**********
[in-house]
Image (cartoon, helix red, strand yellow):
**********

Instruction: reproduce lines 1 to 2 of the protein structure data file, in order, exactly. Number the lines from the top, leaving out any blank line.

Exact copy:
[in-house]
Image (cartoon, helix red, strand yellow):